Living With Your Disorder is Possible
Through introspection, you might realize that you need some extra help getting through this difficult time. That’s perfectly okay! Depending on your personality disorder, there are various treatments available to help you manage and overcome it. Psychotherapy is one option that involves discussing your emotions, thoughts, mood, and behaviors with a clinician. There are a few different kinds:
- Cognitive Behavioral Therapy
- Dialectical Behavior Therapy
- Interpersonal Therapy
- Family-focused Therapy
Here, you have the opportunity to develop social skills and coping mechanisms that put you in control of your disorder, not the other way around. Your therapist can help you replace unhealthy thoughts and perceptions with positive ones, examine your childhood to identify the root cause of the disorder and manage interactions with family and friends. Antidepressants, mood stabilizers, antipsychotics, and anti-anxiety medications are additional options to treat some of the symptoms of these disorders. A residential treatment program may be the best option for some.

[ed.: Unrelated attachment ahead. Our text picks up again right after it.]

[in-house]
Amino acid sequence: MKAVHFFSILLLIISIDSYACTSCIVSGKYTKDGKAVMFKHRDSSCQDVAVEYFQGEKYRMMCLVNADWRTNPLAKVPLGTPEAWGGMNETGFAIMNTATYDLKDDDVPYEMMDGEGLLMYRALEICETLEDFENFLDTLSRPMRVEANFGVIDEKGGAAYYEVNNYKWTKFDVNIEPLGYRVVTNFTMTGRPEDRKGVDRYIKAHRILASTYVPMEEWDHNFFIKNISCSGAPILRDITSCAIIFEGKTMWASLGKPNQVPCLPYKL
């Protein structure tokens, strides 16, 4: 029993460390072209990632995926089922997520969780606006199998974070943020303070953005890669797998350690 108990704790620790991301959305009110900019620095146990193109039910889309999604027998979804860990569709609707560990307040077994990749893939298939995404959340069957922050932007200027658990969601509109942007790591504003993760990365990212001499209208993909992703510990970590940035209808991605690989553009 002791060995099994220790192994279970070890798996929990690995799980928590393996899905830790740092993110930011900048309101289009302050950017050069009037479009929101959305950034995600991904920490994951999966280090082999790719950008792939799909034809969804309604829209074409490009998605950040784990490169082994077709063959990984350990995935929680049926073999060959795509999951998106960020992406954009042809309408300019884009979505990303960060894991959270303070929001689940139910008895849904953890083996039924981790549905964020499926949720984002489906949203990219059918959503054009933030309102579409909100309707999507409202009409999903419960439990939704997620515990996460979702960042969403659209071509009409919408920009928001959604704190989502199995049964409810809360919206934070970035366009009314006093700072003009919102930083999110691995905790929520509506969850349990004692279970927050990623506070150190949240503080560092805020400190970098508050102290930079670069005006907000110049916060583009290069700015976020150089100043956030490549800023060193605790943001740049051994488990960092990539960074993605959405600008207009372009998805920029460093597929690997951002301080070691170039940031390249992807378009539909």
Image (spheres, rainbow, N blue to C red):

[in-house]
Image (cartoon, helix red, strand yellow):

Personality is the abstract stuff that makes each individual unique and special. It is the embodiment of the way we think, feel, and behave. Impacted by everyday experiences, environmental factors, and genetics, our personalities evolve. Some have a personality disorder, meaning that their thoughts, emotions, and behaviors are disruptive and potentially harmful to themselves and others. Some aren’t aware of the disorder, while others simply try to get by. Don’t be ashamed if you are experiencing the challenges of a personality disorder. There are programs with understanding and experienced therapists that can help you figure out how to manage your condition. Located in San Diego, California, Achieve Concierge has just that. We understand how hard it is to struggle daily with a disorder that affects almost every interaction. We also know that some days you may urgently need to see a therapist while in the grips of an episode. We can help you today: (858) 221-0344.